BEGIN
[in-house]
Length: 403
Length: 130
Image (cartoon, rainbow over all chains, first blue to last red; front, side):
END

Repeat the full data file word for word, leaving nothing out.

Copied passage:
[in-house]
Length: 403
Length: 130
Image (cartoon, rainbow over all chains, first blue to last red; front, side):